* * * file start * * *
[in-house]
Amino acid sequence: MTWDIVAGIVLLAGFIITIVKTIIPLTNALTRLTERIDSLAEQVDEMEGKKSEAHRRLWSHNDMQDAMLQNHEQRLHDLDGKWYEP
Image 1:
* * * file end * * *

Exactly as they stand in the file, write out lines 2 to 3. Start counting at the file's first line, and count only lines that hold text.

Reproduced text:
Amino acid sequence: MTWDIVAGIVLLAGFIITIVKTIIPLTNALTRLTERIDSLAEQVDEMEGKKSEAHRRLWSHNDMQDAMLQNHEQRLHDLDGKWYEP
Image 1: